I’m going to talk about a common problem that I hear quite often when I’m out listening to bands. It’s a problem I’ve encountered working with various musicians in my studio as well. The problem that I’m talking about is the use of several different electronic tuners while tuning the various instruments in a band. You would think that a tuner is a tuner and that they’re all properly calibrated but the truth is that any individual tuner can be slightly out of calibration. If you have two different tuners and they’re both a little bit out of calibration, let’s say one is slightly sharp and the other is slightly flat, you’ll hear a big difference in tuning between the different instruments that have been tuned on them. The audience will simply hear an out of tune band which isn’t good for any performance by a live musician.
Another problem with simple electronic tuners is that the accuracy of the display scale is limited by the number of lights or increments on the dial. Some tuners will show a light every half semitone until you’re “in tune” but even when the “in tune” light is on, you may still be off by up to 100 cents (a half-step). I hope you can see how using multiple tuners onstage can lead to serious tuning problems.
So how can you deal with this problem? The easiest thing to do is to have everybody sharing the same tuner. This way, if you all tune on the same device then even if it’s a little bit out of perfect tune the band will still be off an equal amount which will still sound “in tune”. Of course, if you keyboard is not adjustable to the tuner, then you’re in trouble again. The best solution of all is to get one of the extremely accurate strobe tuners from Peterson and have everyone in the band tune with that. I wrote a post yesterday about the Peterson Autostrobe 490ST which is accurate to 1/1000th of a semitone! The reason strobe tuners are so accurate is because of the moving strobe wheel on the device. The following video details the history of the strobe tuner and how they work. It also discusses the new and extremely affordable LCD readout strobe tuners such as the Peterson StroboFlip VS-F. The great things about the StroboFlip are, it’s as accurate as any other strobe tuner, it’s very affordable and it’s extremely portable. This would be the perfect tuner to tune your entire band with.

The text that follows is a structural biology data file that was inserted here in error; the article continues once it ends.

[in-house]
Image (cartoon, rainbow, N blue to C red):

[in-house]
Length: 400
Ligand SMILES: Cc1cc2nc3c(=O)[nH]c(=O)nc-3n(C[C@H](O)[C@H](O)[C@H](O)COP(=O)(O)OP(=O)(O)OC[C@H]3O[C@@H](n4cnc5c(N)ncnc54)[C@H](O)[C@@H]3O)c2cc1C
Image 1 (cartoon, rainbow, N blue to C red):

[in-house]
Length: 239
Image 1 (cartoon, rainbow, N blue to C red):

Strobe Tuners: Their History and How They Work
So as you can see, the strobe tuner is really the way you want to go if you want your band to be in perfect tune.
Lastly, here are a couple more tips for working with tuners. You can also check tuners against each other by tuning with one and checking that the other tuner agrees with the first. All tuners can go out of calibration, luckily most Peterson tuners can be re-calibrated by playing a recorded reference tone into the tuner which the tuner will read and re-calibrate to. Even cheap tuners will usually offer some simple calibration settings in case they get off. So be sure to check your cheap tuners against your expensive strobe tuners. Better yet, just buy a Stroboflip VS-F!